On Tuesday, the City of Bozeman grappled with employing one of the more interesting real estate practices – eminent domain. Eminent domain is when a government body forcibly purchases private land from an individual for the overall benefit of the public. Eminent domain can be a very hot topic because it draws people’s basic political philosophies on the government’s role towards its people into a real estate conversation—two things I think most of us would like to keep at a comfortable distance from each other.
In this specific case, a property owner nearby the land in question wanted to develop his own land. The Bridger Creek HOA did not grant him an easement that would have allowed him to connect the development to city water and sewer lines and building emergency roads. The HOA said its members were not interested in having more developments nearby. When they couldn’t settle the dispute between each other, they turned to the city to solve the matter. If Bozeman were to take eminent domain over the land, then the owner would be allowed to connect his utilities to city lines.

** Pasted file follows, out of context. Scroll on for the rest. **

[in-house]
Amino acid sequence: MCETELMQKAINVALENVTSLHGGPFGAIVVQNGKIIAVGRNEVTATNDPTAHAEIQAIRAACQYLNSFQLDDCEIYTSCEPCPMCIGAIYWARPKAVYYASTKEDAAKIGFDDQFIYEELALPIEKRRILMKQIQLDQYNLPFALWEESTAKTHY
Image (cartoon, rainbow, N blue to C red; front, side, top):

Bozeman, however, decided not to get involved and not annex the land. The city felt that such a drastic measure did not match up with the number of citizens who may benefit down the line. However, several commissioners saw the HOA’s attempt to block the eminent domain request as a thinly veiled way to fight any future development in the area.
Eminent domain is one of the more interesting real estate topics. In general, it’s a tool best used only when necessary because more often than not someone has to come out the loser.
Hart Real Estate Solutions